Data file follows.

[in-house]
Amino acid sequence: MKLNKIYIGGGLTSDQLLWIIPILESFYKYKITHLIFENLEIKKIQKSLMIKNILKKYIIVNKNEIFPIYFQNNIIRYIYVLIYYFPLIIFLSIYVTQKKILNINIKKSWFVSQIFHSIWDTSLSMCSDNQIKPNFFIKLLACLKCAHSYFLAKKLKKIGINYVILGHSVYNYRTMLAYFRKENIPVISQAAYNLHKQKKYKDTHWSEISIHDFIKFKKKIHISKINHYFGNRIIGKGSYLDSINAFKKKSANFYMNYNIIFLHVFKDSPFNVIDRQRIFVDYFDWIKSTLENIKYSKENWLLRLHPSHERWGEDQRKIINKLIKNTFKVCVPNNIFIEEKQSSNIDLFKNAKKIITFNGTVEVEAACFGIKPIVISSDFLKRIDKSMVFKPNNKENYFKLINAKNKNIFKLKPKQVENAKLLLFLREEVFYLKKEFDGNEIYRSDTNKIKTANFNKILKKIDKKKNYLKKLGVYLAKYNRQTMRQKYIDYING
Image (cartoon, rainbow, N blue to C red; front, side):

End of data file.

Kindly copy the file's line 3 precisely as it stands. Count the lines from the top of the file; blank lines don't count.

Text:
Image (cartoon, rainbow, N blue to C red; front, side):